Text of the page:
Tuesday, May 26, 2015

new lows

Last week was the last week of school.  Jake was in England.  I was still recovering from the month of April, which I'll write about sometime soon.  I was pooped. 

Saturday night, it was 7:30 and Claire reminded me we hadn't eaten dinner yet.  I cooked some penne pasta and felt like a champ for getting some vegetables on the table.  But then, as I was taking the noodles to the table, the pan slipped and the noodles went all over the floor.  I just stood there staring.  Maybe the kids sensed I was nearing nuclear melt-down.  Maybe Claire couldn't violate the "Dinner has to be eaten before 8:00" rule.  I don't know.  But those kids said, "It's okay, Mom," and ATE OFF THE FLOOR.  As luck would have it, and before you start dry-heaving, be informed I had wiped up the floor in that spot earlier in the day.  Not that that prevented comments like, "I can't eat this one--there's something gross on it."

Monday, May 4, 2015

non-traditonal multiplication cards

One of my kids can't memorize multiplication facts the old-fashioned way.  Doesn't matter how many times we go through the flash cards, after 24 hours the facts are gone from the brain, leading to frustration all around.

We tried Right Brain Multiplication Cards from Diane Craft.  I'll give her this: it's a good idea.  I'll give you this: if your kid has this same problem, have the kid make up their own cards.  Trust me, his/her drawings will be just as good.  If he/she/you is/are an artist, they'll be much better.  Or do what we did, and don't make cards; just make up stories.

We like Harry Potter here, so I assigned every number a Harry Potter character.  For example: 7 is Ginny Weasley, 4 is Dumbledore, and 9 is Hermione.  The story that goes with 7 x 7 = 49 is this: Ginny said to herself, "Dumbledore must like Hermione more than me.  That's why he left her a book in his will.  He didn't leave me anything!"  Don't worry what morals your stories teach.  The objective is to get the facts memorized, and this works for my kid.   There.  I just saved you $35.

July 2015 update: never mind.  This idea doesn't stick much better than anything else.  I want to give up.

Friday, May 1, 2015

“For what do we live, but to make sport for our neighbors, and laugh at them in our turn?”

If you don't recognize that quote, start reading Jane Austen IMMEDIATELY.  You've yet to live.

Some years Lynsey orchestrates a home-made Christmas gift exchange among us siblings.  One year the theme was "make something that hangs from a car's rear-view mirror."  I still use and cherish the Star Trek ornament Swiss made for me.  However, the ornament you see below is falling apart and had to be thrown away.  Lex made it for Jake.  There used to be a word bubble above Jake's head that said, "What da hell?"  Lex kindly made it removable so we wouldn't have to expose the kids to cuss words if we didn't want to.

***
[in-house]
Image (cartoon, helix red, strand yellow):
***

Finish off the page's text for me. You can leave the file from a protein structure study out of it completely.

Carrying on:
He photoshopped a wedding day pic and one of my bridal pics to create this masterpiece.  As you can see, some of my photos included close encounters with a tree.  Lex and Justin have gotten more punchlines from that photo shoot than from my Junior Miss video, and that's saying something.

nothing gold can stay

You might recall a true story at the end of this post about a little girl we'll call Becca.  Becca recently told her mom, "Some of the girls chase boys at school."

Mom: Do you do that?

Becca: No!

Mom: Do Meg and Hailey do that?

Becca, shrugging: I don't know.

Mom, concerned because last she'd heard, Becca, Meg, and Hailey were all best buds: Do you play by yourself now at recess?

Becca: Yeah.

Mom: Did Meg and Hailey start playing games you don't like?

Becca: I don't know the details so stop asking questions.

Mom emails the teacher, because she can't stand not knowing. 

Teacher writes back: Over the past month or so she has started to not play with her peers at recess. It’s not that the girls don’t want play with her. It seems Becca likes to play by herself. She won’t join a game or include herself into a game. If she is asked, she will join a game but she never pushes herself into the group. The kids (girls) like Becca so it’s not that. The boys are not mean to her either. I feel that it is the social interaction that is difficult for her. She does still go to the social group with Mrs. Mclean but it’s still pretty hard for her. I don’t think it helps that many of the girls in this grade level are powerful slightly pushy in a way ladies. I know that didn’t sound nice but hopefully you understand. Becca is not a pusher.

Mom is relieved bullying is not involved, and can relate to preferring one's own company, so she's not going to be too sad about it if Becca's not sad about it.